black universities are: North Carolina A&T
State, North Carolina Central, Elizabeth
Code proposals Friday
Student Body President Bill Moss said
Monday that he supports COSC's
proposals. "The time has come that we have
to go to proctoring," he said.
Moss praised the section of the COSC
proposals which spells out faculty and
student responsibilities. "This section of the
revised Instrument (of Student Judicial
Governance) would help clarify for those
involved (students and faculty) their'
responsibilities with regard to academic
integrity in the University," Moss said.
But EPC states in its report to the Faculty
Council that the current Instrument of
Student Judicial Governance provides
adequately for faculty responsibilities. The
1 nstruments states: "Modification of the self
regulatory requirement of the Honor Code
may be warranted by extraordinary class
facilities or the special nature of a particular
course."
The EPC report also states that the
proposed switch to proctoring might be
irreversible. "Certainly it is easier to end an
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The Hare Krisnas are one of several religious cultist groups which step up recruiting
activities during exams, according to David Rickard, head of an anti-cult group. This
Hare Krisna group set up shop In the Pit in 1976. Photo by Margaret Kirk.
bounds like they once did," Rickard says,
Public awareness has helped out a lot,
People are more suspicious now than
they used to be."
Rickard attributes increased public
cognizance of cults to awareness groups
like COPAC. Founded in 1975. the
Greensboro-based COPAC is primarily a
group of parents and former cultists who
speak to civic, church and school groups
to warn of cult indoctrination methods.
However, a University Police
investigator says Moonies and other
cultists are not as active in Chapel Hill
now as they once were.
"I've never seen them here during
exams," Lt. Charlie Mauer says. "If they
are here, they are such a small number
that nobody has complained."
Mauer savs members of the
Sports news
Phil Ford was named ACC
player of the week for his
role in UNC's Big Four
Tournament victory. See
this story, the UPI basketball
poll and other sports news
on pages 8 and 9.
Please call us: 933-0245
HE
City State, Fayetteville State and Winston
Salem State.
HEW says the UNC plan does not include
enough specific new steps to further enhance
these black universities. HEW also states
that the UNC Board of Governors is not
committed to giving priority consideration
to placing new programs at these
institutions.
In answer, the letter approved by the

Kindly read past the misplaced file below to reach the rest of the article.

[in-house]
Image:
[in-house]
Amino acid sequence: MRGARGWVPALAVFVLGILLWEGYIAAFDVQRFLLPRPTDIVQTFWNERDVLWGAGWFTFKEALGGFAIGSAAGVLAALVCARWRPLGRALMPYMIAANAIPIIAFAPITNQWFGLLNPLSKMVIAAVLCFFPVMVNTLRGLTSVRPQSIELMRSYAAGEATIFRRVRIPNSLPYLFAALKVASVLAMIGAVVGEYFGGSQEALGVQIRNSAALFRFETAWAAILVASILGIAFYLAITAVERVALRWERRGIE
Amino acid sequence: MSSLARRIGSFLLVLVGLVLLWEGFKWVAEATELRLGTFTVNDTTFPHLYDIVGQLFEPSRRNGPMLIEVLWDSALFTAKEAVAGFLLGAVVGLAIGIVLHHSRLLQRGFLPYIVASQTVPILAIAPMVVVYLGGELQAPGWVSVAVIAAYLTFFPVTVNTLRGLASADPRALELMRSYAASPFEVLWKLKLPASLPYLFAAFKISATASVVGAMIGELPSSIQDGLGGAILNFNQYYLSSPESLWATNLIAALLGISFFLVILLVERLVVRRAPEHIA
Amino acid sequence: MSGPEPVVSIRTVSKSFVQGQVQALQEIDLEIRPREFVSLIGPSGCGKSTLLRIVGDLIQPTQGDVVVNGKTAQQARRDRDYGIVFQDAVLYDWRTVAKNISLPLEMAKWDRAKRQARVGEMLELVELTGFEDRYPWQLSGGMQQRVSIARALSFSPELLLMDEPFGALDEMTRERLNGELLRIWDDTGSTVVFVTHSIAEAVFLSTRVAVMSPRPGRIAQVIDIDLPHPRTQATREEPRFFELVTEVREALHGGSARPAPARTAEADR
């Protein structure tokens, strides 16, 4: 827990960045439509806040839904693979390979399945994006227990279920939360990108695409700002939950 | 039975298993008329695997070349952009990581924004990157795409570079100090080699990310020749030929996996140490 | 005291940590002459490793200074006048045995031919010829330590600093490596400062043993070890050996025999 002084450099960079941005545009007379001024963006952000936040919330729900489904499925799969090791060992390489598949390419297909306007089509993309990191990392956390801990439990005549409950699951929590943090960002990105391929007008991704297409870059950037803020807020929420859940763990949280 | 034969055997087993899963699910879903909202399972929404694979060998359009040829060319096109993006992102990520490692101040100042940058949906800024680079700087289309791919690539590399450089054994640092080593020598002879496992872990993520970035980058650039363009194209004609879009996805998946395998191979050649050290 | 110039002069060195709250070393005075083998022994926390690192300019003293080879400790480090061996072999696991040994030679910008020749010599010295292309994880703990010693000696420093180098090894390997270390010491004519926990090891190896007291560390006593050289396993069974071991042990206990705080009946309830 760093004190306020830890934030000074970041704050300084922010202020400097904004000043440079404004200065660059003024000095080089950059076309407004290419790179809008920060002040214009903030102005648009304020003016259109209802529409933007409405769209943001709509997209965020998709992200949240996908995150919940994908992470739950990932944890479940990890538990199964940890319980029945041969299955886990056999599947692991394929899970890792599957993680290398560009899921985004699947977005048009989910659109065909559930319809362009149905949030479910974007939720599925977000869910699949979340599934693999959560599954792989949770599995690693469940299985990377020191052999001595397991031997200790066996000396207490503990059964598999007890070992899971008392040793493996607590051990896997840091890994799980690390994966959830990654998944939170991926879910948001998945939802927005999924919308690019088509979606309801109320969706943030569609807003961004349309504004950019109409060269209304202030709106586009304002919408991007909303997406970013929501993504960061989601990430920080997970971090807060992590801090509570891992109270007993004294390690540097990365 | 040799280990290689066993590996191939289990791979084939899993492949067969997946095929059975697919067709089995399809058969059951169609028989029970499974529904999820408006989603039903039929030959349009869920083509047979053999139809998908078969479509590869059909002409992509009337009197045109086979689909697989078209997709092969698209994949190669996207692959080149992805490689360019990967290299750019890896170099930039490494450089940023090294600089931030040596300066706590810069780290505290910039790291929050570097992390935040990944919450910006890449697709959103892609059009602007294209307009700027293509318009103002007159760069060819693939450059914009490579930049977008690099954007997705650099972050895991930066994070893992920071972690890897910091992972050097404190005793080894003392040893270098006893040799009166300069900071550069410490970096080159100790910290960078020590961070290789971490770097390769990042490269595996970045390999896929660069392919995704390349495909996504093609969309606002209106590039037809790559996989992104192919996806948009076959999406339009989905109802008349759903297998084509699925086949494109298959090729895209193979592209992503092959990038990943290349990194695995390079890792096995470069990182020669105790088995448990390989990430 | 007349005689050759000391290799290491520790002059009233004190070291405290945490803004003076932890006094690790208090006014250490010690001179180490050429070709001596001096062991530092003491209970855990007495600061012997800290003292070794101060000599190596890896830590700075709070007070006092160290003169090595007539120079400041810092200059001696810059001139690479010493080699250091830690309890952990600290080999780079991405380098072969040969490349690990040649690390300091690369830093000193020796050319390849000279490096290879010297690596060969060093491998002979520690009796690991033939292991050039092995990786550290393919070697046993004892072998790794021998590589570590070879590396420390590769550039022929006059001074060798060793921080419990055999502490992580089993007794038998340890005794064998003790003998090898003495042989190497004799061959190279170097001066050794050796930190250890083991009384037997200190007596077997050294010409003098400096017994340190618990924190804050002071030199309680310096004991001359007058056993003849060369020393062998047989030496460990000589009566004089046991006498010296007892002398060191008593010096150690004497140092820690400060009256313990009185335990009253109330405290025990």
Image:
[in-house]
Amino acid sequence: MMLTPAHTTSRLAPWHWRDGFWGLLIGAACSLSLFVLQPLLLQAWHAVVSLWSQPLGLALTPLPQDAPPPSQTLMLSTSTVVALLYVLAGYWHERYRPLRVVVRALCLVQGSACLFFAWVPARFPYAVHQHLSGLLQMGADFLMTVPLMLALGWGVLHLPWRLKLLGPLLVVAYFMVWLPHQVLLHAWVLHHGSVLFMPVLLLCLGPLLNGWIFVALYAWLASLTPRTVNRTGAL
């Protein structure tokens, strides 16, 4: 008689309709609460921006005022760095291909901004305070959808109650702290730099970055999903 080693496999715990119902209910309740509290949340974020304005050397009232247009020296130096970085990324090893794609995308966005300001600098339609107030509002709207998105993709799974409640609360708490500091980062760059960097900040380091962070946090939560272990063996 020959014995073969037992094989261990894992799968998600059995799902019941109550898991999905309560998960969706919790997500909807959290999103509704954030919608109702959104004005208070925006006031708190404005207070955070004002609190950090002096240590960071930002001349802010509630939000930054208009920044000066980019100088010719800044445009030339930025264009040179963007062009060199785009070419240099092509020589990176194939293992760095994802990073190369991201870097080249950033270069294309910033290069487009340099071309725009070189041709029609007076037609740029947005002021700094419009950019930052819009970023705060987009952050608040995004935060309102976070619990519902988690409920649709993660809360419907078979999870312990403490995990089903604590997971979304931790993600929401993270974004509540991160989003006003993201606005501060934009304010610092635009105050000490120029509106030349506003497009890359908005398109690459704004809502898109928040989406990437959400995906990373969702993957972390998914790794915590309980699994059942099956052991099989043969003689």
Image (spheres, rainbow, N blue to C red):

board states that the board has taken steps
since 1972 to improve the black universities.
The letter lists improvements that include
special appropriations for program, salary
and library improvements, as well as
appropriations to strengthen the staff and
research at the five campuses.
The UNC letter states that "the board has
in fact taken important steps to strengthen
these institutions, within the limits of the
total resources at its disposal, . ."
The letter also says that the board has
given priority to building new facilities at the
five traditionally black schools. "There is no
pattern of discrimination in money for new
facilities," Friday told the board. "The
record speaks for itself."
HEW also has said the UNC system must
increase by 130 percent the number of black
freshmen and transfers entering traditionally
white institutions. While the board's
response says there is no argument to the
increase as a goal for the system, it says the
increase cannot be done by 1982, as
requested by HEW.
See BOARD on page 2.
honor system than to establish one," the
report states.
"I hope that all possible steps are taken so
that the changes will not be irreversible,"
Moss said. "The changes should be re
evaluated after a period of time."
Other proposed changes to which EPC
has raised no objections are:
Suspension would be the normative
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offenses.
The minimum length of indefinite
sanctions handed down by the Honor Courts
would be extended to one full semester
beyond the semester in which the sanction is
imposed.
Probationary sanctions would be made
more meaningful by forbidding students on
probation from being selected for
membership in campus honoraries.
The proposals would create the position
of an Honor Code counselor who would
hold mandatory meetings with all students
on probation.
Unification Church were on campus
earlier in the semester. Hare Krisnas were
reported in the area last spring. But
neither group has been heard from since,
he says.
Rickard was a cult member for three
years, participating in study groups,
social gatherings and witnessing sessions
in univeristy dormitories and housing
projects across the state. Now he is a
scientist with the N.C. Department of
Agriculture.
"W hen I stopped going to the meetings
regularly, the conditioning wore off and 1
was subject to other kinds of thinking,"
he says. "I realized I had been tricked. I
realized they had used mind
manipulating techniques on me."
See MOON on page 3.